Every December, it seems, we find instances of atheists and atheist groups trying to stop Christmas decorations on public property or “counter” those decorations with displays of their own. Here are just a handful of instances we have found this year from around the country.
- The Freedom From Religion Foundation is trying to end an Indiana city’s 50-year-old Nativity display. According to WLWT News, the group has threatened for three years in row to file a lawsuit against Franklin County to stop the Nativity display that goes on the county courthouse lawn each year.
- In Chicago, the Freedom From Religion Foundation and the Chicago Coalition of Reason have placed a banner that reads, “Are you good without God? Millions Are,” near a Nativity scene in a local park. According to local media, the banner has been vandalized twice in the past two years. We do not condone vandalism of public displays, but the banner is clearly meant to counter the Nativity scene.
- The Cherokee County Courthouse in Texas has come under fire from the American Humanist Association for the Nativity scene it placed on its lawn this year. Texas’ Attorney General has publicly announced his support for the display.
- In Tennessee, Maury County Commissioners decided not to approve a Nativity scene on the courthouse lawn due to fears of a possible lawsuit.
- In Portsmouth, Virginia, the local sheriff put Christmas decorations–including a Nativity scene–up on public property using his own personal money after the city left the courthouse of its budget on holiday decorations. The ACLU has said it opposes the decorations.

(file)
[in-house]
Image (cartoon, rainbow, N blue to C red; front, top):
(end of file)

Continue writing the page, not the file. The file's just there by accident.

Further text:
- In Flordia, Satanists and atheists have teamed up to place a display depicting Satan’s fall from Heaven near a Nativity scene in the state capitol.
These are just a few examples we were able to find by browsing different news stories from around the country. As we have written before, Christmas displays in Arkansas have been targeted by atheist groups as well–including the Nativity scene that has graced the State Capitol lawn for many years; a bulletin board display a Paragould public school teacher put up a few years back; the Nativity scene on the Baxter County Courthouse lawn; and so on.
These examples ought to give anyone who does not believe there is a “war on Christmas” a reason to pause.